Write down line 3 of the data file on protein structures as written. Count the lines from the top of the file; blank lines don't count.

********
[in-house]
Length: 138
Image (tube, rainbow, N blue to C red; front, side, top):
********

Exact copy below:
Image (tube, rainbow, N blue to C red; front, side, top):